You can guess what the poet in me says! But what about the social entrepreneur? I’m not so sure. There’s no doubt that I wasn’t as productive today as I would have been had I had a full night’s rest. Still, maybe we are all too rested and too comfortable. Maybe there is a delicate dance between physical limits–the body needs sleep–and emotional ones–the soul needs mystery. And maybe the way we choose to dance dictates the way we lead our lives and the impact we have on the world.
So what will it be, then? When shall we shut our eyes to dream, and when will we force them open to see what is already there? Perhaps we do neither well enough, for to change the world we must both see things for what they are and dream up new ways for them to be.
Just some thoughts from a sleep-deprived mind.
“When I have a terrible need of — shall I say the word — religion. Then I go out and paint the stars.” – Vincent Van Gogh
A mystery consumes me. I pass the morning in ardent search of last night and furrow my brows as though dreams would return in the grooves of my forehead. That is not enough. Nothing is enough. I never can go faster or slower than one second at a time. My enthusiasm teeters between the unbearable and the blissful. I want to scale the heights of human knowledge, to create art, kisses, love, peace…but the next moment carries the enormity of my desire, and I fall upon the ground of my being like an electric charge in a puddle of amino acids. So I continue, neither collapsed nor elevated. Every sight I see, every thought, however subtle, every word I read or write only adds to the fury: nothing is enough.
It is raining out, a beautiful, insistent, driving sort of rain, the kind filmmakers recreate with machines, the kind that cuts through the minutia and inertia of the day so as to call our attention to our surroundings. Each heavy drop of water lands like a thimble upon the rooftops and the treetops of the city, stitching together the distracted minds of its inhabitants into a single web of humanity, stretched tautly over the chasm of injustice. That most are never aware of this web says more about humanity than it does about the rain, whose job is done as precisely and passionately as any employee of any company.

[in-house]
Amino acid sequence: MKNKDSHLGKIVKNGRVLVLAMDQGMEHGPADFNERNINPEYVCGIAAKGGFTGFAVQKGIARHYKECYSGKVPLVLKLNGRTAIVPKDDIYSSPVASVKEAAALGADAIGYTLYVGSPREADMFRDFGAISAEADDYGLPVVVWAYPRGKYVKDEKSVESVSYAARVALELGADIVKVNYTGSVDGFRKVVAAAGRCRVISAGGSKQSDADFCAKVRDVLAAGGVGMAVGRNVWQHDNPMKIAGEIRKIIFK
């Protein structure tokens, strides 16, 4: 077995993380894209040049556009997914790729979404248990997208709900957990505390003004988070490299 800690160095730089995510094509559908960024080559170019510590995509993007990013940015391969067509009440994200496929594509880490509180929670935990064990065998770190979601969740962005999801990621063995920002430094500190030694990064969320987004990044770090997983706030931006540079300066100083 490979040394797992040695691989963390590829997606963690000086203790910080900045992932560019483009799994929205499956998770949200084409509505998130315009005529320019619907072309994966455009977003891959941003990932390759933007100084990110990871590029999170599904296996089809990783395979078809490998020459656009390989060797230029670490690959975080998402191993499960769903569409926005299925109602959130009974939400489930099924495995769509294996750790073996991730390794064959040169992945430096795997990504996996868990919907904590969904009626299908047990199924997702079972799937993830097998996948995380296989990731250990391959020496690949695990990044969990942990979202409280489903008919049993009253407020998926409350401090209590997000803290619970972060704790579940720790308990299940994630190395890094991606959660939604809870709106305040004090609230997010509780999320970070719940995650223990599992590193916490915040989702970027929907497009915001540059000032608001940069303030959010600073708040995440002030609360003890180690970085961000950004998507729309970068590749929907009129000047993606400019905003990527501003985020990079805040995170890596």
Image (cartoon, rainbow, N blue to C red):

Today on the radio I hear talk of President Obama’s coming speech regarding Afghanistan, of protests in Syria, elections in the Bhutan and unemployment in the US. Sound waves laden with wrongs not yet righted, carrying the words of those that have been slighted, berate my ears with their incessant cry of “wake up!” I reply, meekly at first, then with all the strength I can muster, that everything from my blood vessels to my synapses have arisen, have thrown off the sheets and showered, and still I pause at the door, uncertain, peering out at a landscape transmogrified by precipitation.
I feel feeble in the presence of so much hunger, poverty, corruption and pollution. The injustice hems me in, a kind of negative New York skyline laced with vertigo. In every direction I turn there is work to be done–more work, to be sure, than can fit in my two hands, but even worse, more than my mind, that wonder of physics, can lift with the pulley of ingenuity or the fulcrum of planning. Everything tells me that the rational thing to do is to focus on one thing, conquer that, and move on, but each injustice cajoles me as fervently as the rain forces life to bloom. On my hands and knees in the midst of a deluge of atmosphere and emotion, I cannot choose between reason and passion. The ancient sorrow trapped in my heart like an insect in amethyst can neither be dismissed nor dislodged, and for all my awareness of the intelligent course of action, sorrow has a way of reaching out to sorrow, and love to love, so that I am forever compelled to be that worst of individuals: concerned for all, unfocused, and doomed to defy logic and obey the dictates of a sadness that predates me, my ideas and the injustice against which I fight.